In the social media age, many a beauty brand and blogger have posted her imagery online, a further credit to the quality of Emmanuel’s work. However, as most creatives have learned the hard way, credit for original work is often hard to come by. An image may gain tens of thousands of likes on social media when re-posted by a large brand, yet often no tag, link or acknowledgment may accompany the post identifying the photographer, makeup artist or stylist that created the image. Copyright infringement aside, a simple credit can do a lot for the artist’s career. The missed opportunity is one that Emmanuel and many others have faced in recent times.
Yet even now, the thirty-three year-old is still enjoying her journey. Situated on the Gold Coast, Queensland, Emmanuel’s backyard is home to some of the world’s best beaches. “Just being near water infuses you with some sort of magic I think, and it made me feel like I was home again, nostalgia for my Caribbean island home.” In these settings she has worked with some of Australia’s most in-demand models as well as adding to the portfolios of a young, fresh-faced generation of talent. Using her natural environment, Emmanuel finds “complexity in simplicity”: a piece of coral, a grocery bag, an orange.
From concept to execution, her work is one of a kind. Her eye for detail makes her beauty photography instantly inspiring. Some of Emmanuel’s most impactful work includes beaded eyebrows, Lego figurines combing eyelashes, steel-braided hair, gold glitter tear drops and mermaid-esque pearl and confetti face-art. All are captured upon the faces of refreshingly natural beauties with enviable features and impeccable grooming. Her detailed shots manipulate light, shadow and colour, highlighting the creative genius behind the image and telling a story that words cannot.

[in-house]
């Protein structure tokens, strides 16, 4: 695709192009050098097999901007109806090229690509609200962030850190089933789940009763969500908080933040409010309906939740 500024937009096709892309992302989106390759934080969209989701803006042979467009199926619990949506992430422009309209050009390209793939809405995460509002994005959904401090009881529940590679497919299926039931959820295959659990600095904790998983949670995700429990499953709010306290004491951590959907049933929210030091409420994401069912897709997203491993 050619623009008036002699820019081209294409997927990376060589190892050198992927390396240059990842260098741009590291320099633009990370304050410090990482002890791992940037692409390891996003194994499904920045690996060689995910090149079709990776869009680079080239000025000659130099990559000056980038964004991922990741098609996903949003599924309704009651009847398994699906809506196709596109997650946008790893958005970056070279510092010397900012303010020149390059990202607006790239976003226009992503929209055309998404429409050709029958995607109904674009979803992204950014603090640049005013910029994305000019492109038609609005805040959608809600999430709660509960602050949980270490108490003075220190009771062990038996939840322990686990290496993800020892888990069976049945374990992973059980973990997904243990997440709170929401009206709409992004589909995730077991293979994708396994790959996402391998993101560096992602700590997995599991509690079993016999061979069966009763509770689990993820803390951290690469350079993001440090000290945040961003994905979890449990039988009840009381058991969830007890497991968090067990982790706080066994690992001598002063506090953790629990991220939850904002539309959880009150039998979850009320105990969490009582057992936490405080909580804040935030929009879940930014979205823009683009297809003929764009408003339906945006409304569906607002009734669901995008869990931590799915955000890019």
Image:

So what’s in store next for Emmanuel? Her attitude for the coming year, and one for which she should be applauded, is "screw you, I'm doing it my way". “I just want to be more authentic and pursue photographing what I am passionate about and what interests me, not caring to please the "markets" so to speak.” And that’s exactly what she aims to do. There is talk of shooting in a limestone cave, a dream location for Emmanuel. “I've always been interested in geological formations. Geography was my best subject in school. Imagine being surrounded by crystallized stalactites and stalagmites, wet and glistening in the dim light of some gothic romantic fashion tale. It would be so thrilling to show that underworld in a fashion story.”
Not only is Emmanuel aiming to reach higher and push the boundaries even more in her career; she has also taken up film— self-taught of course. “It's something I'd like to explore more this year— to create fashion films.” In this digital age, fashion films have added a whole new element into the mix. There is no doubt that the talented Emmanuel, who can capture the most beautiful, fleeting movement in a still frame, will create films equally as stunning as her photographs.
All images photographed by Katriena Emmanuel. She currently lives with her husband, daughter and Siberian husky on the Gold Coast, Australia. www.katrienaemmanuel.com